Evolution Through Storytelling

I stood up—the pain beginning to set in—and unpacked my mother’s chicken-and-pepper sandwich; it was stale, the pepper mushy and bitter. I turned on the lights, found my notebook, and after biting into the sandwich and staring at the blank page for a long time, wrote a poem that I titled “Love and Obstacles,” the first lines: There are walls between the world and me,/and I have to walk through them.

Literature is a constant and storytelling is necessity in Aleksandar Hemon’s Love and Obstacles, a collection of interlocking stories about the growth of a nameless Bosnian writer. It begins and ends with stories that include American storytellers—Spinelli the conman and McCalister the Pulitzer winner—and between these are many Bosnians who approach the act of writing in vastly different ways—from poetry, to straight nonfiction, to aggressive notes to roommates, to film. Through it all, the protagonist is evolving, bringing the lessons from each storyteller he meets into the next experience.

The protagonist has in common with Hemon all the skeletal aspects of life—birthplace, vocation, and ultimate life as a not-quite-exiled writer in the US. This is the case in each of his books, and as in the others it takes nothing away from the work. English is Hemon’s second language and he takes no aspect of it for granted; from using words we don’t hear in ways we couldn’t have imagined to his perfect use of the oft-maligned semicolon. He often gets playful: “atwitter,” “asparkle,” and “adrizzle” all make appearances.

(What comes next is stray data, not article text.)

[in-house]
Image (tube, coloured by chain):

“The Conductor” is the collection’s best moment. Placed between stories of the protagonist’s youth in Bosnia and his life in America, it encompasses the chronological trajectory of the collection and gives it its shape. At the beginning, the protagonist is a student of literature in Sarajevo who goes to a café to hang out with the famous poets, including the most famous of them all, Dedo. Eventually, after the war in Sarajevo when they are living in the States, they are both invited to speak on the same panel and end up sleeping in the same bed. It, like the entire book, is a gorgeous, seamless ride from youthful stupidity to wise uncertainty.

What is most refreshing is that through it all, we’re not wrestling with whether or not his Bosnian nationality is important to him, or whether Americans are assholes, or if his father’s hatred of fiction means anything grand. There is no tossing and turning over politics or relevance, it’s just human characters, living and being portrayed in writing that is both palpable and meditative.


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